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France to step up security checks on public transport
The French government on Monday announced a series of measures to beef up security on public transport following a thwarted attack on a high-speed train between Amsterdam and Paris last August.
In order to fight more effectively against "terrorist acts" and "serious attacks on public security", rail security guards could be permitted to search bags or conduct "strip searches", Interior Minister Bernard Cazeneuve and Transport secretary Alain Vidalies said in a statement on Monday.
More luggage checks and body searches
Luggage searches would only be undertaken with the passenger's consent, but in the event of a refusal, the passenger could be prevented from travelling.
Under the new legislation, French police- who before were not allowed to search passengers' luggage, unless they were suspected of a crime, will now be able to.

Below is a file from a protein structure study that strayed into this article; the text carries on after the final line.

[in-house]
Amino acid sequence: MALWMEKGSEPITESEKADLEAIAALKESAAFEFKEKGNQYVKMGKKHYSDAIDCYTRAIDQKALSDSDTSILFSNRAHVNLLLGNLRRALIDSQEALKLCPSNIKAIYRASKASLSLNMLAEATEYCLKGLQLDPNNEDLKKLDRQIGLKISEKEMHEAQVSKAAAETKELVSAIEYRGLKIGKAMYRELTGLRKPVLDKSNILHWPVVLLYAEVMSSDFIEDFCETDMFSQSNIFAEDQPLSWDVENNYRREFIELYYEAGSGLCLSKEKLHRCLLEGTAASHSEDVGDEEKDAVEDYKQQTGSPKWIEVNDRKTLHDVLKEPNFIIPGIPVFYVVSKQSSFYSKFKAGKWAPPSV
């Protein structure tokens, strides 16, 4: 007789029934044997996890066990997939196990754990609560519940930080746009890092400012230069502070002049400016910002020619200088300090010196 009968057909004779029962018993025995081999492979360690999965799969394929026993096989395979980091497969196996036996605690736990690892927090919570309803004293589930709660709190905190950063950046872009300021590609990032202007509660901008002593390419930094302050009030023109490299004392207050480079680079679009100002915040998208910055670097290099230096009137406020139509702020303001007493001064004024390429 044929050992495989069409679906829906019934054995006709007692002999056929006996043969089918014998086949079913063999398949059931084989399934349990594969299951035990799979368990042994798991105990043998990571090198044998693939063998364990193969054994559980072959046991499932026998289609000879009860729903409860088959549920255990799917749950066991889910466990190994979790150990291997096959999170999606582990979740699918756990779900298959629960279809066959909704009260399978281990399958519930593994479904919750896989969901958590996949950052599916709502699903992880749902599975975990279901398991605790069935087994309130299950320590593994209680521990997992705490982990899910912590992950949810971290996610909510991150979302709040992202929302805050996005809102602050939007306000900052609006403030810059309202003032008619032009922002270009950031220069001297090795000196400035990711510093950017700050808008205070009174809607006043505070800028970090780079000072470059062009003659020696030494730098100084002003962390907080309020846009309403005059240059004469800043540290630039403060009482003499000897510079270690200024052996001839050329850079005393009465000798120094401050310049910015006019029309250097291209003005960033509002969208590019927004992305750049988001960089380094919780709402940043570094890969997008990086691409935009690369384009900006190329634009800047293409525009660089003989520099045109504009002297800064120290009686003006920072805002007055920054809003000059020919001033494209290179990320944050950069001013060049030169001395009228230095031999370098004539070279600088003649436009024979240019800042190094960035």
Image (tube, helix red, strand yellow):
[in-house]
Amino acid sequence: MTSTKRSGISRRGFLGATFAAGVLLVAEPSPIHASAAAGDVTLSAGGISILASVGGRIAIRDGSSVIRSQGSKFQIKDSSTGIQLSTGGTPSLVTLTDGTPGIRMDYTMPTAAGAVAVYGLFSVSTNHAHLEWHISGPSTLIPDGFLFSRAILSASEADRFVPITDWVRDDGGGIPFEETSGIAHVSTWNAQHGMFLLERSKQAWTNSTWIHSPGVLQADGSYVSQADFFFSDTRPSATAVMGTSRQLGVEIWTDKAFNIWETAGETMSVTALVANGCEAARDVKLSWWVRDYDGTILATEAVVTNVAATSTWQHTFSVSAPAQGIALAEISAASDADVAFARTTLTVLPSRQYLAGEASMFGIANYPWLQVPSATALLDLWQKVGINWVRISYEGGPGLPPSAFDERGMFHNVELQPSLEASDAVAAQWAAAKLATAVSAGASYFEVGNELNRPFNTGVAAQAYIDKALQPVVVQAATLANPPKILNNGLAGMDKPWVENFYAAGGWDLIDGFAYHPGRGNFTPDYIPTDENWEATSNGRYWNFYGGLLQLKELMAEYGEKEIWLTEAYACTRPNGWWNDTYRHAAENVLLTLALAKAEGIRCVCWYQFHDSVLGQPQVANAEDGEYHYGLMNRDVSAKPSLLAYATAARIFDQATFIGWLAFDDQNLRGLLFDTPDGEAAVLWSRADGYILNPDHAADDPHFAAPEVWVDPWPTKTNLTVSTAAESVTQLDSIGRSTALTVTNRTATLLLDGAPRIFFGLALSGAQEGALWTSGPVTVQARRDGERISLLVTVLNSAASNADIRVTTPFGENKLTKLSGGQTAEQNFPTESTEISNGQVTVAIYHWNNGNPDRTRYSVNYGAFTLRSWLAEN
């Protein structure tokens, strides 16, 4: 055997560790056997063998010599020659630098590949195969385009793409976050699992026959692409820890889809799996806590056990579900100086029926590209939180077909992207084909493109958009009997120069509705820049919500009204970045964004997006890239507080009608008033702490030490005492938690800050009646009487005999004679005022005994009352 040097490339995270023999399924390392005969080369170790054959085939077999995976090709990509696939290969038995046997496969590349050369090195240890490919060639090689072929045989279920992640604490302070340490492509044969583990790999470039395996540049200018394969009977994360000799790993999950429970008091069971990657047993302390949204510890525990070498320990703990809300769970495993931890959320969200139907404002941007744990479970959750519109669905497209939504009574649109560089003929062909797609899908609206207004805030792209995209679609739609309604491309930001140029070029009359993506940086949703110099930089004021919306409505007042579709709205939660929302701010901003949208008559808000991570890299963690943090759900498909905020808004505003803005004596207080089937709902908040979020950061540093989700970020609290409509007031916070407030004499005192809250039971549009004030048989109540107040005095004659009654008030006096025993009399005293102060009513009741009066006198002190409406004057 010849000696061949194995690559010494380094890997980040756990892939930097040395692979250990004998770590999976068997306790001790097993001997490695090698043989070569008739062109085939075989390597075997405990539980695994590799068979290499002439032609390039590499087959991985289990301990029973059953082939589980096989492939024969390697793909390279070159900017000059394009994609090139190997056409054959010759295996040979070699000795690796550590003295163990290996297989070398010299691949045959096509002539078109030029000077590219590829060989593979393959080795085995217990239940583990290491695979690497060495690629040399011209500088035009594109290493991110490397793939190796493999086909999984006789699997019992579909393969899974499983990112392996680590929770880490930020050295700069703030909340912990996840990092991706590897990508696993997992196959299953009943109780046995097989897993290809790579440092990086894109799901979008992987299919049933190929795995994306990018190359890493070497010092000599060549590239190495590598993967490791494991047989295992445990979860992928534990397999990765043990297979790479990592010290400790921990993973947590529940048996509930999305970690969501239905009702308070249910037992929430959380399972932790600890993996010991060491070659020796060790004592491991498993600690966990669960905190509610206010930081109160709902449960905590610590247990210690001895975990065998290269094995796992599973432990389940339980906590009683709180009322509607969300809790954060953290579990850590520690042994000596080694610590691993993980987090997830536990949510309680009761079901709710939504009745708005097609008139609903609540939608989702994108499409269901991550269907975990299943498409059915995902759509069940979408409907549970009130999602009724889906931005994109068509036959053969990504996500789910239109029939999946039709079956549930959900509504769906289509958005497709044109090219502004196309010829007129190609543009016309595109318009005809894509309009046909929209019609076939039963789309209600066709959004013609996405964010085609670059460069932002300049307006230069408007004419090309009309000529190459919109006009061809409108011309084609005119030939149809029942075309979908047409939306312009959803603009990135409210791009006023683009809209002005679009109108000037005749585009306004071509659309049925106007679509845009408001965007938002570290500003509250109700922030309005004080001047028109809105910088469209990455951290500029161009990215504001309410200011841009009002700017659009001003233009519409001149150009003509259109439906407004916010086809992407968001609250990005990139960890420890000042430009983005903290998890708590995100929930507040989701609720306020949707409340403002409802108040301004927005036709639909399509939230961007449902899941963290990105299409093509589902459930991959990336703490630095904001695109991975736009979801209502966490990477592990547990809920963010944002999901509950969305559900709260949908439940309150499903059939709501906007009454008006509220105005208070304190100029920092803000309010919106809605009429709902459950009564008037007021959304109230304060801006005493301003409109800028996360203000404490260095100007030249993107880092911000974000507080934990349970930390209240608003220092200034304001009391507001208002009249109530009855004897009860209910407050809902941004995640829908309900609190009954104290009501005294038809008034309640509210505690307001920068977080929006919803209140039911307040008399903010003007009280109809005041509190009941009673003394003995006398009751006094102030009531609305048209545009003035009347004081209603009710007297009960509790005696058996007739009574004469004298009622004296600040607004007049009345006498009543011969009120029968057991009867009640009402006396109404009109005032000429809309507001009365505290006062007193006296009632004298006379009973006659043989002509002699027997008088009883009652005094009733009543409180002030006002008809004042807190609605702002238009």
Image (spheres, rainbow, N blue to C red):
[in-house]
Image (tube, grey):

Rail security officials will also be given such powers.
A bill on the proposed measures is to be debated in the French parliament next month with the government hoping the new measures will be adopted by early next year.
The new measures have been drawn up following a foiled attack by a heavily-armed gunman on a Thalys train on 21 August. The attack was blocked by several passengers, among them two off-duty US servicemen, who prevented what officials said would otherwise have turned into a massacre.